Ian Plenderleith assesses the ability of players to take media criticism
Students of both football players and the internet might be inclined to reach an unscientific conclusion about the utterances of one and the content of the other. Namely, 98 per cent of what you hear from footballers, or read on the internet, is utterly forgettable. Imagine, then, the challenge of searching the internet for something of genuine insight and interest from an active professional.
Players, of course, are backed into a corner of rhetorical banality by the vacuous queries of a media which has predetermined that its content must be aimed at the country’s most dull-minded fan. The pros largely say nothing, either in the interests of team harmony or because they’re saving the juicy revelations for a future autobiography. Meanwhile, press officers are on hand to help their charges dodge any hint of controversy and only trusted, lickspittle hacks are granted more than cursory post-game access. It is ironic that in an era of saturation coverage, players are more or less muzzled by damage-limitation PR and fans have less idea than ever before about what a footballer really thinks.
Occasionally, however, a small bathroom window is opened and a brief cloud of steam is released from the game’s inner closets. At the end of the inaugural Women’s Professional Soccer (WPS) season in the US, Soccer America journalist and WSC contributor Mike Woitalla wrote that the league’s poor goal average of 2.14 per game was to blame for lower than projected crowds. “Come watch WPS to see good defending!” he wrote. “How enticing is that, especially as there is no shortage of stifling anti-soccer on the market already?”
His piece provoked a sharp response from Kristin DeDycker, a player with Washington Freedom, who accused Woitalla of bashing women’s soccer and claimed: “Every game was a battle and if you are a true soccer fan and actually know the game of soccer then you come to appreciate other aspects of the game besides scoring.” As a coach herself, she said that she taught kids that: “Defence wins games. Yes, you need a goal here and there but you don’t need six to win. You can go to a game and have your kid watch other parts of the game besides scoring.”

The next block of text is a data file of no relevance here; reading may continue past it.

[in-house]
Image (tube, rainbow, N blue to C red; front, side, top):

You can choose to disagree with that analysis and it’s conceivable that her reply was League-approved or even instigated, yet it certainly makes a refreshing change to hear a player not just saying what she thinks, but to hear the view from the inside. For all the journalists calling themselves “insiders” there are very few of us with an actual idea of what it is like to play professional football. DeDycker’s response comes across as a passionate defence of her league and her trade. There’s the overriding impression that she cares.
WPS players, however, get paid very little and wouldn’t be in the game at all if they didn’t care about it. Another frank-speaking player was Ipswich Town’s Irish goalkeeper Shane Supple, who got away with saying what was on his mind because he retired from the game aged 22. One of the reasons he gave the Daily Mail was that when he broke into the first team at his previous club Leicester City: “I saw that some of the lads didn’t really care whether we won or lost. I didn’t really like that, that was disillusioning. Things weren’t going great at the club at the time, which I suppose didn’t help, but it made me question whether this was what I wanted to do.”
You mean the lads weren’t all “absolutely gutted” after every defeat? Let’s hear more! “Some seem to think it’s about flashiness, the big house, big money, cars,” he went on. “That wouldn’t be my take on things. I remember Joe Royle saying that some of them think they’re stars and they’re not even players.” And off he went back to Dublin with the goal of following his dad into the police force.
One current player who seems to have free rein to say what he likes is Portsmouth goalkeeper David James, who has perhaps sensed that his career is reaching its twilight years and so has little to lose by coming clean. One recent Guardian online column addressed the way that players take criticism in the media, whose influence “should never be underestimated”. According to James, players found it hardest to take flak from ex-pros, seeing it as treachery. The former players who chose punditry as a career “were sometimes seen as jealous – bitter old bastards, some used to call them – especially around the time when money began pouring into the game after the older generation had missed out.”
Although he is at times an enlightening writer, James is not keen on a career in punditry, saying that on the one occasion he co-commentated a Radio Five Live game, he thought that John Motson was coaxing him into calling Thierry Henry a diver. “I thought, do I need to be calling Thierry Henry a cheat to keep the radio happy? That’s not really my cup of tea.” James wasn’t asked back, maybe because: “I like to know where every blade of grass was when the ball bounced before I feel comfortable making a verdict.”
And this is what we are missing as fans. We don’t need to know what players like for breakfast or what they’re listening to on their iPods. We don’t have to read bitchery or badmouthing from a self-styled dressing room maverick. But maybe we’d like to know more about those blades of grass or what it’s like to sit at Motty’s shoulder. Maybe we’d like to know about the actual experience of being out on the field, about what it was like to be unjustly slated by someone sitting in the comfort of the press box and how it felt for Shane Supple to be a young, homesick goalkeeper who preferred it at Falkirk because the players brought their own packed lunches. Just try us – even if only two per cent of players have something interesting to say, we’d love to hear it
From WSC 273 November 2009